It’s only natural that if you wish to present yourself as a well-read person, a certain degree of complete bullshit is required. There’s no shame in lying about what you’ve read. There’s only shame in getting caught. Then you look like a doofus, and an illiterate one at that... How to lie about books.
A long-brewing online poker scandal reaches the mainstream: 60 Minutes Report (1, 2) (text version) and two consecutive front page Washington Post articles (by Pulitzer winning investigative journalist Gil Gaul) (plus lots of web exclusive content about the investigation)! [more inside]
Some of the female Chinese gymnasts are apparently under-age. It wasn't their skulls, their chins or their eyes that gave them away: it was the internet.
Manipur, which has a population of 2,388,634, has the highest rate of HIV in the country, which is also the reason why it has the most number of NGOs working in the area. However, what is disturbing is that a day or two ago, one of these NGOs bribed a group of children into getting their blood tested, so that they could increase their chances of garnering more funds.
So, who doesn't use steroids or HGH? So what do you do when MVP winners, Cy Young award winners and some World Series winners all have cheated? Any ideas? [more inside]
Poker is pretty popular, and it seems like almost everyone is making money at it. At the tables, on Wall Street, and online. The World Poker Tour helped create the current boom and, with the World Series of Poker, helped make poker players into rock stars. [more inside]
For the town of Hanover, NH, home to Dartmouth College, one could expect academic integrity to be a cornerstone. But a high school cheating scandal has shaken the town's foundations and divided the community. On an evening this past June a group of students at Hanover High School [video] used stolen keys to break into a teacher's filing cabinet, walking away with multiple mathematics exams. Five days later, another group stole chemistry finals. As many as 60 students may have had a role in the thefts, either helping to plan them or receiving answers from the stolen exams. Police investigated and a local prosecutor has filed criminal charges against nine students. "Parents of the accused are furious and frantically trying to reduce charges to violations that carry no criminal penalties, penalties they say could harm their children's chances of attending college or securing employment....some residents [are] laying blame squarely on the nine accused students - dubbed "the Notorious Nine" - while others have questioned whether the intense competitiveness of 750-student Hanover High forced students into positions of having to cheat."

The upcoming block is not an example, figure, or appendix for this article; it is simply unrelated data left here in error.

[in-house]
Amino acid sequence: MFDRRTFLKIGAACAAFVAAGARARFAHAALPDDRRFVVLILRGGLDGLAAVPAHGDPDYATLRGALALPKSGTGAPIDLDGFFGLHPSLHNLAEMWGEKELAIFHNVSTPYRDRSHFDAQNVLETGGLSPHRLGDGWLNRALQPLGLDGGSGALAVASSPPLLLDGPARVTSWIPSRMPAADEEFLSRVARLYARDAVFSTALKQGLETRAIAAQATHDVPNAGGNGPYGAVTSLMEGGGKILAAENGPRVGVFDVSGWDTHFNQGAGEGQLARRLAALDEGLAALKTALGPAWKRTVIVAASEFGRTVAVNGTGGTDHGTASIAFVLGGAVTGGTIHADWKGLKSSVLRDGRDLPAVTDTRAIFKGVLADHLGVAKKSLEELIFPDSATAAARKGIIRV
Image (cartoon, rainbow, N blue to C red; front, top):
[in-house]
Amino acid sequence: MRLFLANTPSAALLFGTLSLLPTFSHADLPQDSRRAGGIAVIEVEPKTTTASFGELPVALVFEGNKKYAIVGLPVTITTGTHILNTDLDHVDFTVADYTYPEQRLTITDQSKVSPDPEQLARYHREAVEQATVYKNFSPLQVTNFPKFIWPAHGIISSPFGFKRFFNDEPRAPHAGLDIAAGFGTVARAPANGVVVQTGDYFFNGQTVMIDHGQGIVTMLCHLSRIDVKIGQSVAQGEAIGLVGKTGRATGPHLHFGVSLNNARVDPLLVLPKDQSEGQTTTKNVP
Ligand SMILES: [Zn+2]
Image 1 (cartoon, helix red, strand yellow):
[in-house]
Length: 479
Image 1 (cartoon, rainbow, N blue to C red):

A tiny wireless spy earpiece is being marketed to students who want the cheat on exams, much to the chagrin of teacher/examiner organisations. The Examear website proclaims they are: "Helping students succeed. Worldwide!" The makers say the devices are also suitable for people such as TV reporter, TV game show contestants -- anyone who needs help remembering things. Remember, before the internet, when students didnt copy all their essays and actually did some work?